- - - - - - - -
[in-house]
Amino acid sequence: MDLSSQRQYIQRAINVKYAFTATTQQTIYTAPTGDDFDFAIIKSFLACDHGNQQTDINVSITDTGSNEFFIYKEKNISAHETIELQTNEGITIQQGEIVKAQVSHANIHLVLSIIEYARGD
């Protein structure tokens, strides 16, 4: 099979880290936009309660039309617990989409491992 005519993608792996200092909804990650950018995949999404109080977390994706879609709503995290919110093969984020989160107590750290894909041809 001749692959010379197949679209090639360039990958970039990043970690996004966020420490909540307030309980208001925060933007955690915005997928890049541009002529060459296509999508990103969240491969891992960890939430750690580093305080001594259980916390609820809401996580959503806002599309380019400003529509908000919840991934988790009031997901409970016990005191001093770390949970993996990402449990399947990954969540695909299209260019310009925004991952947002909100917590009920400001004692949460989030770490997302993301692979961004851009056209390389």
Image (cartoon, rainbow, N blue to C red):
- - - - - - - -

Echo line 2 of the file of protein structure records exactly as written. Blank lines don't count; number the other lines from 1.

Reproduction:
Amino acid sequence: MDLSSQRQYIQRAINVKYAFTATTQQTIYTAPTGDDFDFAIIKSFLACDHGNQQTDINVSITDTGSNEFFIYKEKNISAHETIELQTNEGITIQQGEIVKAQVSHANIHLVLSIIEYARGD